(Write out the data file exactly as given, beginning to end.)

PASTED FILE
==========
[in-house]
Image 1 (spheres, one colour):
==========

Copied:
[in-house]
Image 1 (spheres, one colour):